The article published in the official Granma newspaper, which announces the sudden implementation of this Decree-Law, aims to distort the entire alternative cultural movement by mixing it up with the reggaeton phenomenon, which can even be seen in the title “Defending cultural options with creative value.” A phenomenon exploited by the government because it fulfills a functional requirement: losing itself in lust and avoiding any social critique.

Decree-Law 349 began this confusion in its Article 4.1., which states:

“Similarly, it is a violation when an individual or legal entity commits any of the following acts:

  1. a) spreads music or carries out artistic performances which incite violence with sexist, vulgar, discriminatory and obscene language (…)”

It’s obvious that the reggaeton take-over and debasement of its content was easily controlled by a State that holds monopoly power over the media and education. Everybody knows that this is the kind of music that livens up activities at junior and senior high schools. When my son was studying at high school, every student had to pay a peso to the person who brought along the sound system. It was an extra-institutional initiative that was approved by the school and allowed by the Ministry of Education.

It’s a fact that reggaeton artists have even been promoted by the Cuban Rap Agency, precisely because of the (political) harmlessness of its lyrics.

On the other hand, members of rapid response brigades, UJC (Community Youth) or FEU (Federation of University Students) representatives and even strict public servants use “sexist, vulgar, discriminatory and obscene” language against rebellious individuals in public, and they are even rewarded for their political loyalty.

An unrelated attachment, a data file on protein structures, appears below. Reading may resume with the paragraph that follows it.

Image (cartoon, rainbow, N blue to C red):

Ever since the “revolutionary” and “counter-revolutionary” dichotomy was established, with examples of behavior to define each of these, Cubans know full well that the most critical people at Accountability Meetings (a space the Government has authorized for the population to ask questions freely) start off by referring to their PCC ties or ties to the Revolution, in order for their intentions not to be twisted.

However, we can slowly dismantle this structure of fragmentation and paranoia. We just have to define: complaints aren’t personalized because the object of attention and analysis is the problem being discussed and those responsible for it (affecting the Government directly) and not citizens that suffer it.

Covering up the real one responsible always leads to confusion. Now, decree-law 349 is trying to camouflage the act of “censoring” with “criminalizing”.

Censorship of art has existed since the beginning of time and it is more or less arbitrary and/or goes without punishing. However, criminalizing artists who create art outside of state institutions is going back lightyears as a culture, a nation and as a species.